Nose Surgery Anatomy Primer
The following illustrations point out important soft tissue landmarks of the nose. Understanding the anatomy helps facilitate communication about rhinoplasty and other nasal surgery. This is not meant to be a comprehensive review of nasal anatomy. Rather, it is intended to educate patients and give them a better understanding of the nasal structures frequently altered in rhinoplasty.
The tip and supratip are common areas of intense or severe swelling after rhinoplasty. Patients often want to change the nasolabial angle. Increasing (making it more obtuse) the angle is called tip rotation. Decreasing it is called counter rotation. Reduction of a dorsal hump (rhinion) is a common request. How far the tip sticks out is called projection and thus recessing the tip is called "tip deprojection". Sometimes the radix is deficient and this can lead to a prominent rhinion, but the solution is different. In this instance, the radix should be augmented rather than the rhinion reduced. A combination of the two problems is also common. A "hanging columella" or the opposite problem "columellar retraction" are seen most prominently from the lateral view. A hanging columella will make the nostrils appear large.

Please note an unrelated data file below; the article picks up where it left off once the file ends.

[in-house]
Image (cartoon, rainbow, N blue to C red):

The lower third of the nose can be narrowed by alar base reduction. Injury to the soft tissue triangles during rhinoplasty results in notching which is a difficult problem to correct.